The time INFJs spend alone is not only happy time, but necessary time for them ot formulate thier thoughts, process the many new things they've experienced during the day, or simply engage in nourishing and satisfying daydreaming. However, this internal quality of the INFJs can make it hard for them to stay conntected to the external world: "One morning, eight-year-old Paticia and her mother were making Englis muffins, as they did most mornings. Patricia suddently looked a bit startles and asked, as she looked up at her mother, 'when did we get a toaster?' Of course, they'd had a toaster, and used it nearly every morning--for four years."
Parents who understand this quality of INFJs can help rotect them from a demanding and high-seed world. By crating private times and places, parents communicate a respect and understanding of thier child and help foster a close and intimate relationship that lasts a lifetime.
INFJs also need privacy to make the many intuitive connections they do and to develop thier creative ideas and visions. for them, the createive process is essentially a solitayr one. n fact, a high and procuctive level of creative endergy very often requires that they work alone. Percolating thier ideas inside allows a sort of positive pressure to build up, enabling them to push the ideas futher than they would if they shared it prematurely. Bringing the idea out inot the light (and noise) of the external day defuses some of its energy and its power. Therefore, many INFJs will avoid showing thir creative writing or drawing to anyone until it is finished. Comments or suggestions from caring onlookers may spoil the wole project for them. Well-meaning parents assume they are actively encouraging their child by offering compliments or suggestions and may be understandably confused when the child balls up the paper or loses interst in the porject. It is usaly best to stay silent until the project is finishes or the child seeks a reaction. Then compliments are welcome and are, in fact, an important form of appreciation and praise. INFJs like to hear that thier work is good or pleasing or interesting. Just wait until they ask. Parents can encourage their INFJs by simly providing the time, space, materials, and the essential quiet to create. Those actions speak much louder than words.
But perhaps the most confounding quality of INFJs is thier tendency toward perfectionism. Becouse they are most interested in projects that are complex and substantive, they can find themselves in over their heads... They will work so hard, reworking, adjusting, correcting, refiguring, and erfecting what they do, they run the risk of exhausting themselves or becoming discouraged if the product never truly measures up to their expectations and ideals. And since their ideals can be unrealistic, this is a real possiblitity.

(In a Crystal Ball) Lasting self-esteem for INFJs develops in a wamr and nurturing home where they are appreciated for their uniqueness and their original ideas. INFJS thrive in a crative and open-ended environament were they feel free and encouaged to explore, perfect, and produce their vision of how things might be. They need gentle guidance and constant affection.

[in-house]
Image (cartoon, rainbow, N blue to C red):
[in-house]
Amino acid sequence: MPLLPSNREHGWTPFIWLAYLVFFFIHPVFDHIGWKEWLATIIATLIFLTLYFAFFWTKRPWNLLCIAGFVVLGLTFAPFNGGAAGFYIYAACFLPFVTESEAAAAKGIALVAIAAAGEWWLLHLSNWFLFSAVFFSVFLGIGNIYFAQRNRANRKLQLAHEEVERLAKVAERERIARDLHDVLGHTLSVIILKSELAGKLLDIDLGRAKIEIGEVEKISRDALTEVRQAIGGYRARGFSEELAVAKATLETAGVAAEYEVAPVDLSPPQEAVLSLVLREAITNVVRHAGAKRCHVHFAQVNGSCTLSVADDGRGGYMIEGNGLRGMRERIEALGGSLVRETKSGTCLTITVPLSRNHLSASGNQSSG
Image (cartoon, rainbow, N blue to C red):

(What works)
--Respect their need for quiet and time alone to play, think, or dream.
--Allow them to watch from the sidelines or begin participation on the periphery of the action before joining in.
--Speak privately and quietly when you are discussing or correcting their behavior.
--Try not to raise your voice or yell; apologize quickly if you do.
--Listen to their ideas and refrain from correcting or offering feed back that squelches thier imagination and zeal for the idea.
--Provide a variety of creative materials and encouage open-ended exploration.
--Give them plenty of physical conatc and affections; express your love for your child in little, thoughtful ways like love notes.
--Encourage them to express their feelings in words or through drawings.
--Listen and rephrase their feeling to help them clarify them; talk on-on-one as much as possible.
--Help them see that life is both fun and funny.
--Respect their privacy.
--Offer regular, qualit private time with one parent at a time--take your INFJ on a date!
--Ask for thier input and iedas ahead of time; include them in decision making.
--Don't interrupt or rush them through their talk.
--Don't tease them about thier heads being in the clouds--they hear enough of that from the rest of the world.

So, that tured out to be more than "some" notes. But the whole chapter is dead on in describing the Sweetling...and much of it is the exact opposite of how I operate. I needed to type it all out in hopes that I'll absorb and remember and adjust my own methods accordingly.

I'll try to get info on Little Guy's personality up as well. He's much harder to identify with a specific type though...partly because he's younger, partly becuase I haven't known him as long, and partly because this is such a time of transition and change for him, its hard to know if some of his behaviors and preferences are natural or induced by the upheavals in his life. Also, I think that his experiences in his first year of life have left a significant scar in how he operates. So, the questions is---is he an E with strong I tendencies because of the trauma of what he's been through? Or is he an I with strong E tendencies because his confidence and trust were so shaken that its made him more needy of constant reassurance from others? Personally, I think that he's acting more and more and more like an E as he becomes more comfortable and at home in his environment---so I think he is naturally an E who reverts to some I tendencies when confronted with a new and unfamiliar situation.

But now its 9:30 am. I'm in my nightgown and BOTH my children are sitting on the couch watching TV and NEITHER have been fed yet, so I'll save the rest of the notes and discussion of Little Guy for later. (Like maybe three weeks later....cause its still SUMMER baby. Little Guy has taken to saying "yeah, baby!" about things. I don't know where he could have picked that up.)